Zhang Xueying (张雪迎).

6. Wang Lele (王乐乐)

Internet celebrity Wang LeLe is a grassroots celebrity from live-streaming app Kuaishou who has attracted much (negative) attention over recent times for the rocky and drama-filled relationship with Yang Qingning (杨清柠).

7. ‘Brother Martial Arts’ (散打哥)

‘Brother Martial Arts’ aka Chen Weijie (陈伟杰) is an internet celebrity that emerged from the live-streaming platform Kuaishou.

Kuaishou star ‘Brother Martial Arts’.

8. Shawn Wei (魏千翔)

Shawn Wei (Wei Qianxiang) is a Chinese post-80s actor who is currently starring in the popular urban drama ‘My Youth Meets You’ (我的青春遇见你).

Shawn Wei

Although he is not a significantly big influential on Weibo, rumors of his company ‘buying his popularity’ on Weibo are long-standing.

 
Weibo Responses
 

The topic of the recent ban on Weibo hot lists itself became a much-discussed issue on Chinese social media. Many netizens dislike the fact that so many celebrities buy their way into the top trending lists, but also express their dissatisfaction with the list of names exposed by Sina Weibo: “There are so many people who frequently buy themselves into the hot lists, yet why are they not on this list?”, many said.

Others jumped in to defend their idols: “Why would Lai Guanlin be on this list?!” They say that people such as Lai Guanlin and Zhang Xueyin have been unjustly targeted by Chinese censors.

There are also people who wonder why they can no longer access the hot search and trending lists, because it is not so much the Sina Weibo company and the celebrities who are now punished, but the Weibo-loving netizens.

“How boring life is without the hot lists,” some say.

By Manya Koetse

Spotted a mistake or want to add something? Please let us know in comments below or email us.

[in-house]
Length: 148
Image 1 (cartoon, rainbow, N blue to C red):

©2018 Whatsonweibo. All rights reserved. Do not reproduce our content without permission – you can contact us at info@whatsonweibo.com.

Manya Koetse is the founder and editor-in-chief of whatsonweibo.com. She is a writer, public speaker, and researcher (Sinologist, MPhil) on social trends, digital developments, and new media in an ever-changing China, with a focus on Chinese society, pop culture, and gender issues. She shares her love for hotpot on hotpotambassador.com. Contact at manya@whatsonweibo.com, or follow on Twitter.

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    thedramacool

    February 3, 2018 at 4:31 pm

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China Arts & Entertainment

Wandering Earth 2 Production Costs: Why Director Frant Gwo is Nicknamed ‘Master in Begging for Alms’

Contributing to the Wandering Earth 2 production without getting paid? It’s “powering up Chinese sci-fi with love.”

Wendy Huang

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Wandering Earth director Frant Gwo (Guo Fan) is also nicknamed the ‘Master in Begging for Alms’ (化缘大师) on social media. His efforts to convince actors and companies to contribute to the movie has kept production costs relatively low.